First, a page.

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Alice Baldridge is an Associate Professor of Geology and the Director of Environmental and Earth Sciences at Saint Mary’s College of California. Her research interests are currently focused in three areas: 1) understanding the processes that have shaped planetary surfaces, 2) comparing laboratory, field, and remote spectroscopic data to solve various problems in Earth and planetary science, and 3) increasing accessibility and representation in field sciences.
She has performed field work in Death Valley, CA, Acidic Lakes and Banded Iron Formations of Western Australia, Hot Springs in Yellowstone National Park, Potrillo Volcanic Field in New Mexico, Sand Dunes of the Western United States, and Hot Springs and Glacial environments of Iceland.
Dr. Baldridge is currently part of a multi-institutional interdisciplinary project funded through NASA to further the science that astronauts are able to perform on planetary surfaces by guiding them on how to analyze and interpret remote sensing datasets and field observations.
Dr. Baldridge teaches courses in Sedimentology, Earth Materials, Earth Systems, and Environmental Geology of the National Parks. She believes in finding balance in her life especially between gaining and sharing her knowledge of Earth, Planetary, and Environmental sciences. She is therefore particularly interested in building partnerships that create research and field opportunities for undergraduate students in order to train a new generation of naturalists to protect and appreciate the world around them.
Alice believes in creating inclusive, respectful, and authentic relationships with her students. Her basic goals in teaching are to: 1) ensure that basic concepts that are part of the curriculum are learned and reinforced, 2) convey how such information is relevant to the field of Environmental and Earth Sciences and the broader natural world, 3) raise excitement, appreciation and trust of the scientific process through experience and 4) provide insight about scientific practice and thought to develop strong observational and critical thinking skills in all aspects of her students’ lives.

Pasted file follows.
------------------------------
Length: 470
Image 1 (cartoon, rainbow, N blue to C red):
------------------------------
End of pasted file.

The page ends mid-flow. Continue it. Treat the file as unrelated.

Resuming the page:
“…we have to realize that a true ecological approach always becomes a social approach; it must integrate questions of justice in debates on the environment, so as to hear both the cry of the earth and the cry of the poor.” Laudato Si
Students are drawn to the environmental sciences because they want to make a positive impact on our world. The Saint Mary’s College mission recognized that “the intellectual and spiritual journeys of the human person to be inextricably connected.” EEE students at Saint Mary’s have a deep intellectual understanding of the “cries of the earth” and through their spiritual journey they also recognize the “cries of the poor.” As a Catholic community, we are stewards of our environment and are all called to be leaders in this stewardship. As director of the EES programs, Dr. Baldridge’s efforts are directly and integrally tied to the mission of the College and continued student stewardship of the Earth long after they graduate.